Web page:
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  • Writer's pictureCaitlin Walters

Featured Product: dōTERRA's Melaleuca (Tea Tree) Oil

Melaleuca, or Tea Tree, is one of my top favorite essential oils. It has come to my aid on numerous occasions, from a nasty bike wreck in Costa Rica far away from family, to another hiking knee gash, infected bug bites, poison ivy, and more. Does it hurt significantly when applied? Depends on how exposed your wound is. Did any of these wounds get infected after I applied it? No. In fact, it cleared infections and dirt impurities that had gotten into it, enabling it to heal.

Now, I must say the disclaimer that it's generally unwise to apply essential oils onto open wounds and otherwise, you should default to mixing a carrier oil with their essential oil when applying it topically. This helps dilute the concentration to a ratio agreeable to your body, and softens its intensity on your skin. Adding a carrier oil also helps in the topical absorption of the oil into your skin. Without a carrier oil, the pure essential oil can evaporate quickly off of the skin. The carrier oil works to trap the essential oil, keeping it on your skin longer while adding a hydrating boost, giving your skin ample time to absorb it and reap the benefits.

The origins of Melaleuca (Tea Tree) oil lie in Aboriginal Australia where the leaves of the Tea Tree would be crushed and applied topically to give a cooling effect to the skin. Melaleuca holds many purifying applications, more popularly used with facial cleansers or acne assistance. DōTERRA reports that it can also be used to clear mild skin irritations, clean nails, hair, surfaces, as well as to purify and freshen the air. Benefits of Melaleuca oil include:

  • antifungal

  • antibacterial

  • purifying/sterilizing

  • insect repelling/killer

  • reduce inflammation

  • promote healing

One study discovered a link between Melaleuca and its affect on human cells, specifically on cellular proteins. "In short, the study shows that Melaleuca robustly impacts our genes and the proteins that are part of our cellular makeup. The findings suggest that Melaleuca impacts various processes and functions in human cells, including tissue remodeling and metabolism." (DōTERRA Tea Tree Study)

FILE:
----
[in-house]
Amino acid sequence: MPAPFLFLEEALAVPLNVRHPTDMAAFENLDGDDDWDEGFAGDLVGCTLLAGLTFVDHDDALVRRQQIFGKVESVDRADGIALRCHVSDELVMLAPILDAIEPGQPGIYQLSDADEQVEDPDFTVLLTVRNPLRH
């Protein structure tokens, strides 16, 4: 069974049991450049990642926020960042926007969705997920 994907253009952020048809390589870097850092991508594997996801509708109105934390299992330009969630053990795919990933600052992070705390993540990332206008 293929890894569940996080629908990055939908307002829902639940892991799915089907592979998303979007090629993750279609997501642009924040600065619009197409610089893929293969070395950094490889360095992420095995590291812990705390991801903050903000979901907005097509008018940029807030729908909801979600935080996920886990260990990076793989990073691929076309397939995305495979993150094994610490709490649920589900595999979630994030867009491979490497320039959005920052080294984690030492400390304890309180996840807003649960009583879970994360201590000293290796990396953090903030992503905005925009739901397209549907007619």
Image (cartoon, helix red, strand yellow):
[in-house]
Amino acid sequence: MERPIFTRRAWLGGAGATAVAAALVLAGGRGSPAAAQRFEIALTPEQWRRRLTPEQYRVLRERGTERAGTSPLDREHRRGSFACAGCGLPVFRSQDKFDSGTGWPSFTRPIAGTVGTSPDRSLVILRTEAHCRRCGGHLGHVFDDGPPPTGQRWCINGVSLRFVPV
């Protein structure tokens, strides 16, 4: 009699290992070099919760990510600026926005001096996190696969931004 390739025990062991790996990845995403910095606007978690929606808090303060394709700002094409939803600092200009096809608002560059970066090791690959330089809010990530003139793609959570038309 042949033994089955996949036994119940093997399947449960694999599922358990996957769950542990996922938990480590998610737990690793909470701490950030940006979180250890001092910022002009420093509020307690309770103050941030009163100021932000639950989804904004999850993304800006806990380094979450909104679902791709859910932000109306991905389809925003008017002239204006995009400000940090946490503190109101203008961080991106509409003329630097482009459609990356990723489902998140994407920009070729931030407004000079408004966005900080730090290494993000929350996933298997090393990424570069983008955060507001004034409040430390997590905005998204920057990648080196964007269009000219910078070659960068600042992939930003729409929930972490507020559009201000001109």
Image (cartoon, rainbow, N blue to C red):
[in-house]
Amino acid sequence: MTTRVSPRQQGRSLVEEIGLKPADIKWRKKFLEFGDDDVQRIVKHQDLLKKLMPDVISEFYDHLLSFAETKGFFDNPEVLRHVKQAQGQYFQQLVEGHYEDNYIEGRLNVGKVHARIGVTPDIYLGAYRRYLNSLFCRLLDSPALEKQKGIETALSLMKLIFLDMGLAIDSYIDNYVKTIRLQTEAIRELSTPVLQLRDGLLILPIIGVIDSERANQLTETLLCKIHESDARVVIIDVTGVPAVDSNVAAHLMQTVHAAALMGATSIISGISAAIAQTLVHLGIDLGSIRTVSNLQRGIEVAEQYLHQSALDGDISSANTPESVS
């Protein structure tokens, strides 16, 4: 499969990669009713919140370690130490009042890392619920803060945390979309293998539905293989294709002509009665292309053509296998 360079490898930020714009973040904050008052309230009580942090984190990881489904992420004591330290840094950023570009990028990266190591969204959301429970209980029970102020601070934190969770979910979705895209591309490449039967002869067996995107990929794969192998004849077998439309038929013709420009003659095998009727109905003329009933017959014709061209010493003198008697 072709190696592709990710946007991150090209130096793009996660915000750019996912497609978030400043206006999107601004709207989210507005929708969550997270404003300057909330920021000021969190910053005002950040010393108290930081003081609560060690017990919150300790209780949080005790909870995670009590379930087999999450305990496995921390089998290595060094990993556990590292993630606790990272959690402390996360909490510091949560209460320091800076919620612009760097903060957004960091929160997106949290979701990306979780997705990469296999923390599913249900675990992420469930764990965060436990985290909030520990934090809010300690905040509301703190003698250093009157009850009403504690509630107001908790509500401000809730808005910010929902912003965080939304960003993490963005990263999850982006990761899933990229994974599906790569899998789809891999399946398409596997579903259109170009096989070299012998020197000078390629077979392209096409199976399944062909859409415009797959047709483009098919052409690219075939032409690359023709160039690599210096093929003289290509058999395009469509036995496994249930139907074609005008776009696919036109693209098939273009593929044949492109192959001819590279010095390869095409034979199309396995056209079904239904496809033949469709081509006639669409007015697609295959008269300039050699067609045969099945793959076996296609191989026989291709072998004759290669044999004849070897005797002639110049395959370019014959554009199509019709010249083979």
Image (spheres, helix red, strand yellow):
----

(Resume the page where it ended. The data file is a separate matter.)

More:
Precautions of using Melaleuca oil are the same as other topical essential oils. Always use caution if you have skin sensitivities and when in doubt, consult your doctor or a dermatologist. Use a test spot on your skin to test if your body has a reaction to the oil before using it in other applications. Carrier oils are great in diluting the intensity of the essential oil as well as allowing your body to absorb its benefits. It is discouraged to ingest as some bodies may yield serious side effects.

In conclusion, I highly recommend adding Melaleuca (Tea Tree) oil to your first aid kit, or taking it with you whenever you fly internationally. I personally keep it in my travel oils pouch and am often putting it to great use, because I'm mildly haphazard (and klutzy) in my daily life. It's ideal to ensure than any outdoor activities or injuries stay clean and free of infection. Research on how this oil interacts with the body and the mechanics behind its healing effects is still limited, but steadily expanding in order to deepen our understanding of this oil.


dōTERRA (2023). Tea Tree Oil [blog post]. Retrieved from

dōTERRA (2023). Tea Tree Product Information Page [product listing]. Retrieved from

dōTERRA (2023). dōTERRA Tea Tree Study [blog post]. Retrieved from

Fitzpatrick, M. (2010, February 17). Antimicrobial action of tea tree oil (Melaleuca alternifolia) on five common bacteria [online article]. Retrieved from

Healthline Editorial Team (2023, February 6). 14 Everyday Uses for Tea Tree Oil [blog post]. Retrieved from

Additional Reading:

dōTERRA (2023). Episode 117: Promoting Digestive Health and a Special Look at Tea Tree [podcast]. Retrieved from

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